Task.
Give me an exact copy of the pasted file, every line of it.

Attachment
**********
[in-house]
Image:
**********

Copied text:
[in-house]
Image: